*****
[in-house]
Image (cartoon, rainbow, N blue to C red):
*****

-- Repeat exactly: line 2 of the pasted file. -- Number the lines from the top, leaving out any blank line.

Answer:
Image (cartoon, rainbow, N blue to C red):